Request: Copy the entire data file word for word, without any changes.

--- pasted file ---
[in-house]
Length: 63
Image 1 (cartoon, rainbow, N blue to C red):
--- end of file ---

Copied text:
[in-house]
Length: 63
Image 1 (cartoon, rainbow, N blue to C red):